When Courtney Burton, partner and protégé in Dentons’ Global Women’s Sponsorship Program, was preparing for her first meeting with her sponsor John Sandrelli, the firm’s Vancouver office managing partner, she started by thinking about what she wanted to achieve from the relationship.
“Before the meeting I provided [John] with details about me, as well as my career aspirations and objectives,” says Ms. Burton, a corporate lawyer in Dentons’ Calgary office and the co-lead of the Energy department. “I wanted to be clear about what I hoped to achieve and I wanted him to be able to consider his network and the pathways he could broaden for me.”
While sponsorship is often related to mentorship, it is not the same, says Tim Haney, CEO of Dentons Canada. Mentoring tends to focus on the goals and objectives of an individual, while sponsorship goes far beyond these general discussions, with people of influence opening doors, introducing opportunities and advocating for the advancement of women and underrepresented groups.
The objective of the sponsorship program at Dentons, the world’s largest law firm, is to create more pathways for women to establish their practice and to access senior leadership positions.
“In our sponsorship program, sponsors leverage their professional networks to directly advocate for protégés – with the goal of creating real, tangible opportunities that will further accelerate the advancement of women at our firm,” Mr. Haney says.
“We know that women are less likely to have access to the critical sponsorship relationships that can pave the way to career opportunities and advancement, whether they seek leadership roles or to grow their law practice. We take this seriously at Dentons with an expectation that all senior leaders take up sponsorship of our future leaders, whether formally or informally,” he adds.
Ms. Burton agrees that sponsorship provides benefits beyond what one would gain from a mentor.
“Mentors take the time to speak with you,” she notes. “Sponsors talk about you [to others], actively seeking to promote you and help generate opportunities which will assist you in reaching your goals.”
At this stage in her career, where she is managing client relationships and seen as a trusted business advisor, Ms. Burton is far more interested in the palpable benefits of moving her career to the next level. She is looking to grow her client portfolio by tapping into her sponsor’s network, for example, rather than simply having an inspiring pep talk once a month.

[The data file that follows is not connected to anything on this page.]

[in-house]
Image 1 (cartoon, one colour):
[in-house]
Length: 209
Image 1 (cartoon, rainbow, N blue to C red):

John Sandrelli is on exactly the same page. “I really want to see women advance in our firm,” says Mr. Sandrelli, an insolvency and restructuring lawyer who has spent much of his career in management roles.
“What excited me about the program is that it talks openly about the importance of advocating for others, including women and underrepresented groups,” he says. “[I think] it prompts all our leaders to recognize the influence they can have, regardless of whether they are in the program.”
Working collaboratively to create career pathways
Mr. Sandrelli sees himself as an “intentional” sponsor and advocate. “It’s about having conversations; understanding the struggles [protégés] face and opportunities they see,” he says, noting that he knows he benefited from informal sponsorship in his own career.
“It’s working collaboratively to create that pathway for the individual – and it’s using one’s connections and influence to widen that pathway,” he adds.
In Ms. Burton’s case, that has manifested as new relationships – made via Mr. Sandrelli’s introductions – that have led to collaborations, connections and file referrals (which is when one lawyer sends business to another).
“When we connected at our first meeting, it was the perfect mix of casual conversation and relationship building,” says Ms. Burton, noting they meet once a month over Zoom, since they work in different offices.